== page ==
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New research suggests better data practices key to increasing diversity, equity and inclusion

New research suggests better data practices key to increasing diversity, equity and inclusion

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A new study from Harvard Business Review Analytic Services and SHRM – the Society for Human Resource Management – in association with Trusaic examines the actions businesses are taking to improve diversity, equity and inclusion (DEI). The research suggests two key factors are driving forward progress: commitment from the executive ranks and a commitment to better data.

While a majority of survey respondents (65%) say DEI is a high strategic priority, two thirds (67%) admit their organisation is, at best, only somewhat successful in creating a diverse, equitable and inclusive workplace. Even among leader organisations, almost half acknowledge they are behind where they should be in improving DEI. Most laggard organisations report DEI initiatives are more ‘style over substance’.

The findings reveal that momentum for change must begin in the C-suite:

  • Half of laggard organisations say they are frustrated by a lack of commitment from leadership, and 72% say they are held back by a lack of diversity at senior levels of the organisation.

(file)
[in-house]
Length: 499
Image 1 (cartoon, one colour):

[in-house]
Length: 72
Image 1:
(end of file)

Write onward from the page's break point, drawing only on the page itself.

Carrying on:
• Just 77% of leader organisations have visible executive support compared to 34% of laggards.
  • When the CEO sets the strategy and frequently communicates progress, the company is 6.3 times more likely to have a diverse leadership team and to be a leader in its industry segment.
  • DEI leaders are significantly more likely than followers or laggards to set goals for levels of diversity among senior executives and board members.

Measuring and tracking DEI metrics are essential to accelerating DEI progress. Leader organisations regularly monitor DEI metrics, communicate progress to key stakeholders and use data to identify interventions and course-correct:

  • Leaders (70%) are more than twice as likely as laggards (30%) to track all three aspects of diversity, equity and inclusion. Leaders also measure progress across a wider range of metrics.
  • A third of laggard companies that track diversity do not track equity.
  • A total of 95% of DEI leaders measure inclusion goal progress at least annually; 51% track inclusion goal progress at least quarterly – more than twice as often as laggards.

“Organisations that commit to correcting imbalances in the workplace are often met with significant challenges. What’s missing is the critical connection point between monitoring DEI metrics and using that data to improve the effectiveness of DEI programs to create lasting, meaningful change,” says Robert Sheen, CEO of Trusaic.  

As a direct result of their DEI efforts, surveyed leaders reported greater improvements in team diversity, employee engagement, collaboration, pay equity, and the ability to recruit top talent.

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